But having a larger commercial/residential neighborhood in the heart of the city would make a lot more sense. It is also critical that this project not become just a stand alone cultural center, but that it becomes a catalyst for a real neighborhood.
However, with all the development already slated for Second Street and with Little Tokyo once again extending up to at least Los Angeles Street, right now there are now very few unspoken for parcels left along Second Street; in fact, there only two developable parcels left that I can think of. And with all the major insititutional uses (Federal Courthouse, Police Headquarters, Little Tokyo Library, Little Tokyo Gym, Police Parking Garage, two major Japanese hotels, Cal Trans, Rafu Shimpo and the LA Times crammed between Los Angeles and Hill Streets along and adjacent to Second Street - it would be impossible for an organic neighborhood to develop around the cultural center.
Additionally, with Little Tokyo having lost so much of its historic home to civic buildings, it is now reclaiming its previous territory all along Second Street; so creating an Italian neighborhood anywhere east of Main Street is not feasible.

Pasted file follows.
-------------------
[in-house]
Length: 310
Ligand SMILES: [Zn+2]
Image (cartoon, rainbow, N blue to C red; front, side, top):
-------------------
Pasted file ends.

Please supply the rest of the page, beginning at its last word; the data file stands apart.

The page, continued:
.... Cerrell says that Grove developer Rick Caruso, attorney Tom Girardi of "Erin Brockovich" fame and Angelo Mozilo, chief executive of the home mortgage giant Countrywide Credit Industries Inc. have accepted his invitation to become major donors to the national Italian foundation.
Now any museum or non-profit these days needs a business plan and what downtown needs more than anything else right now - is retail, culture and nightlife. Plus a year ago Rick Caruso was considering revitalizing a real urban neighborhood rather than just building self-contained shopping centers - which reminds me - I owe him that walking tour of the area I had promised him. I say this because if he and Joe Cerrell are looking for the perfect place to combine Italian design, Italian retail, Italian restaurants and Italian culture... I know exactly what to show them...
Kevin over at LAOBSERVED has some questions about the proposed location of the new "Little Italy":
The most authentic places to do this would apparently be Olvera Street or Chinatown, which had some Italian roots before being created as 20th Century tourist traps. But in the great L.A. tradition of fake ethnic enclaves, they are looking at Second Street west of Little Tokyo.
Valid points, but the forces behind El Pueblo decided decades ago that despite the fact that Italians had been there for over 175 years, they and all the other ethnic groups who built this city were not welcome at El Pueblo. From the late 1920's to the 1950's, the Italian community was systematically forced out of the area and even their efforts to restore the Italian Hall were bitterly fought. Below is some insight into that battle: